Wholly apart from the testimony of Keane, and of Grismer, there was much evidence tending to prove active participation by Allen in the alleged fraudulent enterprise, and in the organization and operation of the two corporations.
Thus it appears that in May, 1945, shortly after Extension was organized, Keane and Allen met Elmer Johnston, a Spokane lawyer in a hotel at Wallace, Idaho, and there discussed with him his proposed employment to prepare an issue of stock of the company for public sale under Regulation A of the Securities and Exchange Commission. In consequence of his employment then arranged, Keane, Allen, Grismer and their engineer, furnished Johnston with the necessary information to enable him to prepare a letter of notification under that regulation and to prepare and file with it a prospectus which Johnston insisted should accompany the letter. Johnston obtained the information from all three of the defendants, and in consequence of what they told him inserted in the prospectus the statement that all proceeds of the proposed public offering would be expended upon the company's mining property. In the course of these negotiations Keane, in Allen's presence, told Johnston that Allen had been enjoined, in some proceeding instituted by the Securities and Exchange Commission, from making use of the mails to sell any securities unless a registration statement was in effect; and that 'Mr. Allen would have no active part in the handling of any projects until the injunction had expired.'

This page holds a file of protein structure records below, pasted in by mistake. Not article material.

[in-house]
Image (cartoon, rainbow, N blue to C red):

The testimony of Johnston disclosed that Allen did have an active part at least in planning and projecting the corporation, and other evidence adduced by the Government tended to disclose that while Allen may have intended to create the impression that he was having no active part in the handling of the corporation, he did participate actively in the entire enterprise, and that this was true in respect to Pilot which was organized in like manner later in the same year. Thus Extension's first offering of stock, thus arranged for through Johnston, netted the company $100,000 which was remitted by the underwriting brokers and deposited in the company's bank account. In January, 1946, a second offering of Extension's stock was made which netted the company $78,000.